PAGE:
command: a2ensite "{{ item.name }}"
  with_items: site
  when: site is defined

- name: Reload Apache2
    name: apache2
    state: reloaded
    enabled: yes

This is going to be very quick as I think it is very straight forward and easy to understand; When we add both the apache host and the index.html, we use a module called template which, in fact, allows us to add a certain file to our host using one of our templates. Of course what you need to specify is:

  • The source of the file - it’s usually one level up within the templates directory but any source can be used;
  • The destination of the file on the host;
  • Optionally, stuff like owner, group, mode, etc can be specified.

After that, we need to enable our site and we will use, again, the command module as we did for dissite; at the end of all we have to reload apache and we can do so in two ways:

  1. With the handlers - more elegant and reliable;
  2. With a module called service which is what I use with the example above.

Main task file

The purpose of this file is to execute the tasks one by one with a specific order specified by you; it does make sense to execute first config.yml and right after that site.yml, therefore our file will look like this:

- include: config.yml
- include: site.yml

Easy peasy!!!

Default variables file

Let’s take a break before creating our templates (that’s going to be awesome, I promise you) and let’s focus for a moment on the variables we used in our tasks. First: where are they stored?
In my first post, Ansible - Getting started, I described the role directory’s structure and if you recall, at the top of it, we had a directory called defaults with a yml file called main; everything defined within that file, will be used by the role. However, if you define your variables in your playbook, they will take precedence on the role ones!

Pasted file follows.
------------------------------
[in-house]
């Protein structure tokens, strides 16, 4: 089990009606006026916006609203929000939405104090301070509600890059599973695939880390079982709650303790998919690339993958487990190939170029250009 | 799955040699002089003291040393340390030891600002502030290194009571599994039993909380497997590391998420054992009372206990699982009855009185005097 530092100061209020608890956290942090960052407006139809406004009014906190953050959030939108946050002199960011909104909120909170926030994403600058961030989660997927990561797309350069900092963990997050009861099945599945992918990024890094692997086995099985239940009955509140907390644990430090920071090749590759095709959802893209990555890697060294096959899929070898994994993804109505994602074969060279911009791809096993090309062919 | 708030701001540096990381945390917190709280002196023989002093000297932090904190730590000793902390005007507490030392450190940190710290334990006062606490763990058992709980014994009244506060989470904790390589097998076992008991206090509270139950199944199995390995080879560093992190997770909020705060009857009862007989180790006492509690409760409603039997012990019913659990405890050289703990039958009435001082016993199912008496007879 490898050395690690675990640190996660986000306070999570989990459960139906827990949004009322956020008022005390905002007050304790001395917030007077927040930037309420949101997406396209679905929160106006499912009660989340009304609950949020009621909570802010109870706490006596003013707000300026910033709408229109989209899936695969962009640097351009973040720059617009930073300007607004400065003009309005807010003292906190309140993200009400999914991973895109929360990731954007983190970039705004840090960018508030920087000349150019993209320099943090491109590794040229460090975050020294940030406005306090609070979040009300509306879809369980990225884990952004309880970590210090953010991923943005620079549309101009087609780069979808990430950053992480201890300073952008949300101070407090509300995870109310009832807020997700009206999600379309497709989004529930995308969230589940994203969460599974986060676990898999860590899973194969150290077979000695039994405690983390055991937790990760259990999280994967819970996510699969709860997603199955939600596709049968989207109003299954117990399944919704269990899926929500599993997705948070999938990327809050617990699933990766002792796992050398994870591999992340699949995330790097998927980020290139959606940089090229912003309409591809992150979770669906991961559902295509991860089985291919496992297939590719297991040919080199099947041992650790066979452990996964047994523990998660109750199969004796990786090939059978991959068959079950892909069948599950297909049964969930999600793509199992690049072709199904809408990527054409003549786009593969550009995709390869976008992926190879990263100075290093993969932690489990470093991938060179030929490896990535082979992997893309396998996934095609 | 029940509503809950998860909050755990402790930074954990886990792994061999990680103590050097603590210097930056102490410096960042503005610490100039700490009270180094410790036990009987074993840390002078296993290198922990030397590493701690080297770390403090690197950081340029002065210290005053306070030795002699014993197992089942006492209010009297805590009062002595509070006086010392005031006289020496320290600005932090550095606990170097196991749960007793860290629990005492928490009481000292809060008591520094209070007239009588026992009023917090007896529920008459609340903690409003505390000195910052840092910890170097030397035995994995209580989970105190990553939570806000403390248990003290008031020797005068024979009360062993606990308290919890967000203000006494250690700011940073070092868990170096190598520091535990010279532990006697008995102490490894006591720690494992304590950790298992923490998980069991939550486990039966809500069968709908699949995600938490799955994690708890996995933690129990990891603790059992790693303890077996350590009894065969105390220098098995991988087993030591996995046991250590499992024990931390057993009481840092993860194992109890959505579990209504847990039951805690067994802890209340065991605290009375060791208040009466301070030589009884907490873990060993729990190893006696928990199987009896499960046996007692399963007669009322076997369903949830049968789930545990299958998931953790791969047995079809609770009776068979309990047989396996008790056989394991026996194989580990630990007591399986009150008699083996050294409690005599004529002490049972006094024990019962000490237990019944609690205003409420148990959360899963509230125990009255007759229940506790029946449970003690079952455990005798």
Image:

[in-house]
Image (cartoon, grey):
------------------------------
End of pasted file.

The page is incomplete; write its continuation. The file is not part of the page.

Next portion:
dissite_default: true

  - curl
  - git
  - vim
  - apache2

  - name: test
    document_root: /var/www/test
    owner: www-data
    group: www-data
    mode: 2775
    message: "This Is My First Role"
    port: 80
    email: [email protected]


I could have installed just apache but I preferred to use a list to make sure to show you what a list looks like and how we can loop through it using the apt module.


As mentioned before, here we declare a dictionary which contains a bunch of informations. Do you see the ‘-’ before ‘name’? That is the beginning of your item; it means that if you wanted to add another site to test, right below message, you’d have to add another ‘- name: test2’ and so on.


JINJA2 has many, many features and any of those will be part of this post but, if you fancy, take a look at the JINJA2 documentation:


<VirtualHost *:{{ item.port }}>

  ServerAdmin {{ item.email }}
  DocumentRoot {{ item.document_root }}
{% if item.name is defined %}
  ServerName {{ item.name }}
{% endif %}

  ErrorLog ${APACHE_LOG_DIR}/error.log
  CustomLog ${APACHE_LOG_DIR}/access.log combined


The concept is as the same as the one used for the task. The new feature used is the if statement which is very simple to read and very useful in cases like the one above!


Here we are with our amazing webpage:

      {%if item.name is defined %}{{ item.name }}{% else %}Test{%endif%}
    <h1>{{ item.message }}</h1>

This is similar to the vhost but this time we want to make sure to have a title either way and in order to do that we can use else within our if block!

There’s nothing more I can tell about templates right now but I’m pretty sure that will write, someday, something about JINJA filtering inside a template and/or inside a role (yes, you got me right! You can use JINJA filtering within your roles!); it’s gonna be challenging, I think!


With a simple role, comes a simple meta file

As I said before, the meta file contains meta data for our role and other stuff such as dependencies. For the purpose of this post’s sake, let’s create some lines for our meta file:

  author: Davide Di Mauro
  description: Ansible Getting Started role
  version: 0.1.0

As you may remember from the previous post, this file needs to be called… want to guess? main.yml

This is pretty much it! This role is complete and ready to work. With the next post I’ll show you how to test it with your test kitchen and how to run some server spec with rspec.

Next article: Test Kitchen - Let's shake this role up!